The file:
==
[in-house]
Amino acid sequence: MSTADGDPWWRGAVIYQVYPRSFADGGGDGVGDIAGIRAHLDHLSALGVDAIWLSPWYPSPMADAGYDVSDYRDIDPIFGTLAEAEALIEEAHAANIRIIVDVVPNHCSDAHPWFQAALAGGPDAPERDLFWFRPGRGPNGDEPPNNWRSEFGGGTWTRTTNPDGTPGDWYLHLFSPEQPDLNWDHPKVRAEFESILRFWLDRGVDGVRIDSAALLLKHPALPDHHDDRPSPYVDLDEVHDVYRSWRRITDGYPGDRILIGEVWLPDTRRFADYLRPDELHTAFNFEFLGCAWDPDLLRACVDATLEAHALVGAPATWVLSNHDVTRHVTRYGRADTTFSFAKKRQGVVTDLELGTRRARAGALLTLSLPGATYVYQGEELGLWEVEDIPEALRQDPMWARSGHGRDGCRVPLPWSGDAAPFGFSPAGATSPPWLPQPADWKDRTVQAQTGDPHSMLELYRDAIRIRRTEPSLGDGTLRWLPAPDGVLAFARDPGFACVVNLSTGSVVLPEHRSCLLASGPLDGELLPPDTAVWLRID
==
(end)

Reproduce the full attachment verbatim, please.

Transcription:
[in-house]
Amino acid sequence: MSTADGDPWWRGAVIYQVYPRSFADGGGDGVGDIAGIRAHLDHLSALGVDAIWLSPWYPSPMADAGYDVSDYRDIDPIFGTLAEAEALIEEAHAANIRIIVDVVPNHCSDAHPWFQAALAGGPDAPERDLFWFRPGRGPNGDEPPNNWRSEFGGGTWTRTTNPDGTPGDWYLHLFSPEQPDLNWDHPKVRAEFESILRFWLDRGVDGVRIDSAALLLKHPALPDHHDDRPSPYVDLDEVHDVYRSWRRITDGYPGDRILIGEVWLPDTRRFADYLRPDELHTAFNFEFLGCAWDPDLLRACVDATLEAHALVGAPATWVLSNHDVTRHVTRYGRADTTFSFAKKRQGVVTDLELGTRRARAGALLTLSLPGATYVYQGEELGLWEVEDIPEALRQDPMWARSGHGRDGCRVPLPWSGDAAPFGFSPAGATSPPWLPQPADWKDRTVQAQTGDPHSMLELYRDAIRIRRTEPSLGDGTLRWLPAPDGVLAFARDPGFACVVNLSTGSVVLPEHRSCLLASGPLDGELLPPDTAVWLRID